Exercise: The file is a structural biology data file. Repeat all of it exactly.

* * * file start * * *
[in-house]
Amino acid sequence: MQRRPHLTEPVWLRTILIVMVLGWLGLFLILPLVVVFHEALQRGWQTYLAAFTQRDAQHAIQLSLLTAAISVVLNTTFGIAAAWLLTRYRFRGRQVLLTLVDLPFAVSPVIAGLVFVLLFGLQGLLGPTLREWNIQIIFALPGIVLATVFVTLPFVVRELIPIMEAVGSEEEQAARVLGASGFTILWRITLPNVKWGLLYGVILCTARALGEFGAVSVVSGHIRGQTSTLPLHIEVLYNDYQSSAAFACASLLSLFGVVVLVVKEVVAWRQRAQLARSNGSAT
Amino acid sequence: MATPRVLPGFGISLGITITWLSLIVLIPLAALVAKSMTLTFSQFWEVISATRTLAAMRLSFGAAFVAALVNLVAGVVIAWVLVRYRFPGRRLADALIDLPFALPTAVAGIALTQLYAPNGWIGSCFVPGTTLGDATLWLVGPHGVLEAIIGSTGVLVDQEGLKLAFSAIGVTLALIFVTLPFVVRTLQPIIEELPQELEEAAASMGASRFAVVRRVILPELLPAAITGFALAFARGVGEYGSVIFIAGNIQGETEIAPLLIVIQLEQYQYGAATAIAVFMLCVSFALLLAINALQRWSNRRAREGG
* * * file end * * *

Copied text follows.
[in-house]
Amino acid sequence: MQRRPHLTEPVWLRTILIVMVLGWLGLFLILPLVVVFHEALQRGWQTYLAAFTQRDAQHAIQLSLLTAAISVVLNTTFGIAAAWLLTRYRFRGRQVLLTLVDLPFAVSPVIAGLVFVLLFGLQGLLGPTLREWNIQIIFALPGIVLATVFVTLPFVVRELIPIMEAVGSEEEQAARVLGASGFTILWRITLPNVKWGLLYGVILCTARALGEFGAVSVVSGHIRGQTSTLPLHIEVLYNDYQSSAAFACASLLSLFGVVVLVVKEVVAWRQRAQLARSNGSAT
Amino acid sequence: MATPRVLPGFGISLGITITWLSLIVLIPLAALVAKSMTLTFSQFWEVISATRTLAAMRLSFGAAFVAALVNLVAGVVIAWVLVRYRFPGRRLADALIDLPFALPTAVAGIALTQLYAPNGWIGSCFVPGTTLGDATLWLVGPHGVLEAIIGSTGVLVDQEGLKLAFSAIGVTLALIFVTLPFVVRTLQPIIEELPQELEEAAASMGASRFAVVRRVILPELLPAAITGFALAFARGVGEYGSVIFIAGNIQGETEIAPLLIVIQLEQYQYGAATAIAVFMLCVSFALLLAINALQRWSNRRAREGG